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gain converts to your funereal system, you must furnish us with logical proofs that matter is eternal. We have all heard and read much about, and most of us have believed in, the triumphs of mind over matter, especially during the present century; but it seems we have been all mistaken, for, according to you, the 'eternity of matter thoroughly undermines all arguments for the existence of any other power in nature.' Matter, with you, is a power, and the only power in nature;' and no wonder, when you have chosen matter for your God; only it is rather unfortunate for your argument, that by a power, which it cannot control, and apparently cannot resist, it is every day dragged from the mine, the quarry, and the forest, and forced to answer ends which it could not originate, and never contemplated.

You rest the eternity of matter upon its indestructibility. But the indestructibility of matter' should not be written down 'a fact' at all, not to say, • a fact of importance [in?] theology,' without some clear and indubitable evidence. Need I again remind you that it will not be enough to prove that we cannot destroy matter, 'or that we have no evidence that matter ever has been destroyed; as neither of these premises can support the conclusion which you would reach.

But even if you had succeeded, beyond the possibility of a doubt, in establishing the indestructibility of matter, would that be proof of its eternity? I think not. An event, of which man is the cause, as a fact in history, may be indestructible, but who would argue that it is, therefore, eternal. That Sebastopol has been besieged for nine months by the allied forces of France and England is a fact absolutely indestructible ; but we all know that that is no evidence of its eternity. A thing, then, may be indestructible, and yet have begun to be. Illustrations can be found as numerous as the events of human life, and the facts of human history.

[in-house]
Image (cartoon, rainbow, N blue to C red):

In choosing the 'eternity of matter' as the basis of your atheistic argument, you would do well to take account of the difficulties which press upon your position.

If matter be eternal, then it is omnipotent, absolute, self-existent, intelligent. But we have proof the clearest and the most indubitable that it is not intelligent. The conclusion is obvious.

The eternity of matter involves the eternity of the globe which we inhabit. But there is proof, in the present appearance of the earth, that it is not eternal. Suppose one particle to be washed from the peaks of the primary rocks in a million of years; the time would at length come when they would be reduced to the level of the surrounding soil, if, indeed, the wasting process would not reduce the entire surface of the earth to one dead level, which would everywhere be covered with water. Those mighty rocks, lifting up their rugged heads to heaven with a silent but lofty eloquence, demonstrate the non-eternity of the world, and serve as steps by which the human mind may rise to the Great Creator.